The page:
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Critics say BC ruling on private medical care highlights system flaws

Court rules in favor of BC law that prohibits extra billing and limits private health insurance

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The decision by BC’s highest court to uphold the ban on private health care has been hailed as a ‘big win’ by the province’s health minister, but critics say the government has failed not offered any solutions to address the long wait times that the court says are causing people to suffer.

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“It’s a good day,” Health Minister Adrian Dix said Friday at a news conference at his constituency office in Vancouver. “We won at trial. We won in the Court of Appeal, three nothings.

The three judges of the British Columbia Court of Appeal were unanimous that BC’s ban on extra billing for doctors and limits on private health insurance do not violate the Constitution, but recognize that people are suffering and dying from waiting too long for necessary medical care.

The case was brought by Dr Brian Day of the Cambie Surgery Center and argued that regulated private surgical services and private health insurance could reduce pressure on the public system and provide a “safety valve” for patients facing to long waiting times.

Dr. Melanie Bechard of Canadian Doctors for Medicare, an intervenor in the case, said the ruling reaffirms the B.C. Supreme Court’s decision “which essentially determined that privately funded health care is more likely to be harmful than helpful for the vast majority of us. ”

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Bechard, who works as a pediatric emergency physician at the Children’s Hospital of Eastern Ontario in Ottawa, said no one can deny that Canadians face “terrible” wait times in wards. emergency across the country.

“The problem, however, is that privately funded health care won’t solve the wait times problem,” she said. Bechard pointed out studies which found that parallel private medical care systems in Australia and the United States have not reduced waiting times and, in some cases, lengthened them for the majority of people who cannot pay to avoid waiting line.

Adrienne Yeung, co-chair of the BC Health Coalition, another stakeholder in the case, said she was concerned that Day was “presenting this as a waiting list issue.”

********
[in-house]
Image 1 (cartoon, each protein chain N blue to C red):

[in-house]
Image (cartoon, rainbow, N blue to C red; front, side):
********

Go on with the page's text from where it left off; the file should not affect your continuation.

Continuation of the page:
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“It’s not about waiting lists and waiting times. It’s about profit and the ability for surgeons to double bill private insurance companies and the public system at the same time,” Yeung said.

A two-tier system would increase wait times, she said, because it would incentivize surgeons to work in the private system, creating longer waits for those who cannot afford to pay, especially marginalized people, people with disabilities, older people and people of color.

Bechard and Yeung advocate a centralized surgical list that creates a triage system and allows the first available surgeon to perform the surgery instead of being put on the waiting list for the surgeon referred by their doctor.

Dix said the province and health authorities will continue to focus on hiring more healthcare workers and offering evening and weekend surgeries to reduce the backlog created when elective surgeries were canceled during the pandemic.

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“I think the test for us shouldn’t be in the courts, but in our ability to provide surgeries and diagnostic tests to people and that’s precisely what we do,” he said.

Dix acknowledged that the province’s public health care system faces challenges, but said the work to address them is “exceptional.”

Dr. Michael Curry, associate clinical professor in the University of British Columbia’s department of emergency medicine, said it would be a mistake to call the court’s decision a victory for the government.

“Unfortunately, this highlights the government’s responsibility,” said Curry, an emergency physician in Metro Vancouver. “If they more or less impose a monopoly on health care, then there is an additional responsibility on the government from an ethical point of view that they have to provide a certain level of care, which is increasingly becoming more difficult in British Columbia.

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Critical understaffing issues have led to temporary emergency room closures in small communities such as Clearwater and Chetwynd. More than a million British Columbians do not have a family doctor and the emergency primary care clinics set up by the government to provide primary care to those without a doctor are chronically understaffed .

BC Environmentalist Leader Sonia Furstenau said the decision protects the goal of BC’s Medical Protection Act to ensure medical services are universal and equitable.

However, the decision also laid bare gaps in the system, she said, that require specific action from Dix ​​to “address these crises and those actions must be focused on delivering health care.” first-line healthcare.

During the Council of the Federation conference earlier this week, where the country’s 13 prime ministers met in Victoria to discuss health care, inflation and post-pandemic recovery, the Prime Minister John Horgan painted a dire picture of a health care system “collapsing beneath our feet”. as he pleaded with Ottawa to increase its share of health care spending.

Furstenau said the political posture ignores the fact that provinces and territories are responsible for delivering health care.

“And so, for all these prime ministers to stand up and say ‘Our health care is in shambles, give us more money but we’re not going to tell you how we’re going to spend it’, that’s a miss. of responsibility.”

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